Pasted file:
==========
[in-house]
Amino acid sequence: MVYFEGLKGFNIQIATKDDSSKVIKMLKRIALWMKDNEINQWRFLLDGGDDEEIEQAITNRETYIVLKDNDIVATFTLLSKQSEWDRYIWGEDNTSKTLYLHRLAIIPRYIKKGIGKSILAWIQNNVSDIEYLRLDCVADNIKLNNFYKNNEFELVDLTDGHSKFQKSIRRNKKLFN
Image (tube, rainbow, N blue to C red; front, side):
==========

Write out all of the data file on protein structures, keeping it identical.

[in-house]
Amino acid sequence: MVYFEGLKGFNIQIATKDDSSKVIKMLKRIALWMKDNEINQWRFLLDGGDDEEIEQAITNRETYIVLKDNDIVATFTLLSKQSEWDRYIWGEDNTSKTLYLHRLAIIPRYIKKGIGKSILAWIQNNVSDIEYLRLDCVADNIKLNNFYKNNEFELVDLTDGHSKFQKSIRRNKKLFN
Image (tube, rainbow, N blue to C red; front, side):